The undergraduate research project is almost universally treated as the culmination of all previous lecture, lab and tutorial work. The project allows for the development of individuality and confers ownership of a challenge possessing an originality that goes far beyond the communal legacy presented by age old lab scenarios. Central to this is the magical transition of the student from a consumer of knowledge to a producer, yet the journey is often both daunting and perplexing when considering where to start and how to reach the destination using the resources provided and in the allotted time. There are numerous books within the social sciences which provide students with guidance on how to conduct a "successful" project but few can be found in relation to the physical sciences. This can be ascribed to the fact that the former has a very similar structure and procedural methodology whereas the latter can possess a near fractal differentiation into a myriad of sub disciplines and specialisms thereby preventing the provision of a single, expansive catchall text. This book adapts some of the components and ethos of the Projects in Controlled Environments (PRinCE2) project management approach to physical science projects. This is the industry and government standard and was introduced to address the common causes of project failure ie. not delivering projects on time, within budget, within scope or to the right quality. It has rapidly emerged as an international standard and most graduates will doubtless encounter it upon moving outside academia and into the wider world. It is a concise, multilevel resource that provides guidance on the core components common to almost every project within the physical, engineering and life sciences (problem assessment and contextualisation, literature review practices, sources and citation, data presentation, reporting styles, data analysis and error etc). It standardises the delivery of the material but, more importantly, links the components together by outlining a coherent procedural road map that can highlight to the student "what to do", "when to do it" and "how to solve it" procedures. The content of the book is presented through case studies so as to enhance the relevance of the processes, presents examples of good practice and, in keeping with the toolbox approach, can be readily adapted and applied by the students. The book is an accessible reference guide for students, written in a light style, suitable for dipping in and out of as required and the "how to/when to/what if" examples are presented in an often humorous light. It includes flow charts to emphasize the project planning, dissertation components etc and charts to highlight presentation of data, analysis, interpretation and error.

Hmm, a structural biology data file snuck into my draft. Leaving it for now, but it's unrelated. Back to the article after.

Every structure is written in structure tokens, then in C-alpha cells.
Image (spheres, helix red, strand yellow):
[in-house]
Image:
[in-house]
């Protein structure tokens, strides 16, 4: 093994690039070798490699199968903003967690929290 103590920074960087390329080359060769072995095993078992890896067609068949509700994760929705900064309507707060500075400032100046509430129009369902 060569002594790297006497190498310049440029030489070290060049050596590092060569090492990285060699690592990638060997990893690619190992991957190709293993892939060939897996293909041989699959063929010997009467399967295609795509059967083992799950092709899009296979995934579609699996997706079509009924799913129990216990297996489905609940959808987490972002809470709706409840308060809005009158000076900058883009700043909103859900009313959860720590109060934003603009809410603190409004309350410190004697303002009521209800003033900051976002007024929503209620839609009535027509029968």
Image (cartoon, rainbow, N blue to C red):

Publisher: Royal Society of Chemistry
Number of pages: 140
Weight: 222 g
Dimensions: 228 x 152 x 16 mm
"primarily aimed at undergraduates" "much of the advice applies equally well...to those embarking on a PhD." "The authors give a lot of the useful advice for selecting a project, reviewing the literature, referencing, writing the dissertation and giving presentations." "easily read and digested" "First time research students, and even final year PhD students, would do well to read this book to understand the standards expected for a dissertation." -- Ian Le Guillou * Chemistry World, July 2013, Volume 10, Number 7 *